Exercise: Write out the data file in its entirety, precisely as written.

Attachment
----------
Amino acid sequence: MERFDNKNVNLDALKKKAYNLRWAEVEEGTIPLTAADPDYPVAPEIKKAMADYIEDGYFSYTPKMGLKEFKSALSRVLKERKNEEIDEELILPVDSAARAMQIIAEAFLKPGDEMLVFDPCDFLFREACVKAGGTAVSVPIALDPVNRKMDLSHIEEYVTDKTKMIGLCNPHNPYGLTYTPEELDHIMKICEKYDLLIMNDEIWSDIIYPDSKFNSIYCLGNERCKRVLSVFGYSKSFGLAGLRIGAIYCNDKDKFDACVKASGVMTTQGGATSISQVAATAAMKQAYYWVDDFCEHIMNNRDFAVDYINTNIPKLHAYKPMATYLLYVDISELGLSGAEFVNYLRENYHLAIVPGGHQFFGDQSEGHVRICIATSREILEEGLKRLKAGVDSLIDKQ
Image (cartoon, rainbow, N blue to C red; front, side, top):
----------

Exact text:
Amino acid sequence: MERFDNKNVNLDALKKKAYNLRWAEVEEGTIPLTAADPDYPVAPEIKKAMADYIEDGYFSYTPKMGLKEFKSALSRVLKERKNEEIDEELILPVDSAARAMQIIAEAFLKPGDEMLVFDPCDFLFREACVKAGGTAVSVPIALDPVNRKMDLSHIEEYVTDKTKMIGLCNPHNPYGLTYTPEELDHIMKICEKYDLLIMNDEIWSDIIYPDSKFNSIYCLGNERCKRVLSVFGYSKSFGLAGLRIGAIYCNDKDKFDACVKASGVMTTQGGATSISQVAATAAMKQAYYWVDDFCEHIMNNRDFAVDYINTNIPKLHAYKPMATYLLYVDISELGLSGAEFVNYLRENYHLAIVPGGHQFFGDQSEGHVRICIATSREILEEGLKRLKAGVDSLIDKQ
Image (cartoon, rainbow, N blue to C red; front, side, top):